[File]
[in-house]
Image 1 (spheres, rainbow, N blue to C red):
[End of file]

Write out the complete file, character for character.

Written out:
[in-house]
Image 1 (spheres, rainbow, N blue to C red):